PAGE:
Hematology is a medical branch that focuses on the study of blood through clinical laboratory work, internal medicine and pathology. Various medical conditions and diseases, such as cancer, are closely related to hematology. Here are some common terms to help you understand the processes used in the field.
Blood Transfusion - The process of transmitting blood or blood components into the circulatory system of a patient, to replace lost components. The blood is usually donated by a healthy person and separated into red cells, plasma, platelets and other components of the blood.
Hemophilia - A hereditary disorder that causes excessive bleeding due to failed blood clotting mechanisms. Various treatments and therapies are implemented by hematologists to help patients with the disease.
Anemia - A condition associated with a diminished number of red blood cells or hemoglobin. There are various types of anemia, including sickle cell anemia, which is caused by the sickle shape of the blood cells.
Hematology Laboratory - A lab that works to treat and test blood products. This may involve testing samples of blood and marrow to diagnose serious diseases.
Blood Test - The collection and testing of a patient's blood sample to search for indications of disease.
Hematologist - A doctor who specializes in hematology. They diagnose and treat blood related disorders. Many hematology doctors specialize in oncology.
Oncology - A branch of medicine that focuses on cancer diagnosis and treatment. Blood tests conducted by hematologists are essential to oncology.
Bone Marrow Transplant - A procedure used for leukemia and other blood disease, where bone marrow components are transplanted into a sick person's body.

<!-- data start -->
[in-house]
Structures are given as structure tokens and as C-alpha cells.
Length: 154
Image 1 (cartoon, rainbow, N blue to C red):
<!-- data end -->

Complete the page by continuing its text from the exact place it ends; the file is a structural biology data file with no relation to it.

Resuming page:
Plasma - The fluid component of blood, which provides movement for white blood cells, red blood cells and platelets.
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Cancer, hemophilia, leukemia, and sickle cell anemia are diagnosed by hematologists. Hematology and oncology specialists take a blood and plasma sample to a lab, view it under high powered microscopes and offer a diagnosis. This is only the start. These doctors also know the best treatments for diseases and genetic conditions. They'll advise the patient and ensure they get the care they need. By studying genetic traits, prevention of some of these diseases is possible.
In Ancient Egypt, people were treated by tapping into an artery or vein and draining amounts of fluid. Though not always successful, this was the basis for hematology. The first IV was offered in the 1600s, transfusions between humans and animals resulted. During the 1800s, Samuel Armstrong Lance completed a transfusion to help a patient with hemophilia. The pathology of sickle cell anemia was discovered in 1910. In 1941, Dr. Louis Diamond published a guide to pediatric disorders and diseases.
A major medical advancement happened in the 1950s. Hematologists tested a product that could stop bleeding in hemophiliacs. The discovery of a platelet's role in coagulation followed. By preventing coagulation, blood can be stored for transplant patients and others. Modern medicine keeps improving helping diagnose disease faster. Today's oncology doctors are studying the use of stem cells to treat many diseases, including cancerous tumors.
Anyone suspected of having a disease or health disorder requires immediate clinical care. This is the key role of a hematologist. The physician diagnoses, shares lab test results and comes up with a treatment plan that will help. Hematology is the key to diagnosing disease and genetic conditions.